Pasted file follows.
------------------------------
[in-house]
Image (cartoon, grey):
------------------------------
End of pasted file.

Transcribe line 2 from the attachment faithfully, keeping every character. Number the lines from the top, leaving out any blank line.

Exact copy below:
Image (cartoon, grey):